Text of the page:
What has spurred on the epidemic of harassment indictments and why now? Obviously sexual harassment has been a chronic and intractable problem in the workplace for many years, but either people turned a blind eye to it and/or fear of consequences prevented others from confronting the issues. Certainly the problems are more common with people in positions of power and authority. They sometimes believe that the rules are different for them or their word has greater credibility than others. They may abuse their power and have poor boundaries. They don’t think about the consequences of their actions and probably have gotten away with bad behaviors in the past. Their position, wealth, status, and power contribute to a sense of entitlement, self-importance and belief that they deserve special treatment.
Many individuals who violate others’ boundaries either don’t care about the impact on others, assume they can get away with it, or are unaware of verbal/nonverbal cues. In fact,some have never faced consequences to their actions and are used to others bailing them out and defending them. In some cases, they live in their own grandiose world and assume others are here to serve them. They can justify and rationalize their actions by reminding themselves/others of “who they are,” and what they can do with their money and power. This may include politicians, celebrities, professional athletes, CEOs, or anyone who can use their position to manipulate or abuse. Of course, there are also many highly successful individuals who have honor, integrity, humility, and compassion for people. What makes the harassers different? Why do some use their status in life to abuse while others use it for good?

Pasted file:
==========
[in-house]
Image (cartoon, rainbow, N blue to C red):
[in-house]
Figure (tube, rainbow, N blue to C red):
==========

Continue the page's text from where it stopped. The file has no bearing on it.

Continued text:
In some cases personality disorders, and in most cases, personality characteristics contribute to their actions and decision-making. Often they lack emotional maturity, empathy, and awareness. They alienate themselves from others, lack accountability, and have lost their moral compass. The path they’ve chosen often is one of self-indulgence. Sometimes they lead two different lives and bounce from the “good” to the “bad.” Often, their groupies will reinforce their immoral behaviors only so they can stay connected to the gravy train.
While we have seen both good and bad changes in our world lately, our efforts to treat each other with respect and not abuse the boundaries of others has come to the forefront which is very positive. The fact that people feel more comfortable to talk openly about abuse and harassment is encouraging. We have less shame, guilt, and embarrassment which enables us to confront conflicts directly. Similarly, people acknowledge and address mental illness more readily which has reduced the stigma. Our mental health matters and impacts both our physical and relational well-being. When we face our problems directly, we increase the chances of resolution and closure which creates a healthier life.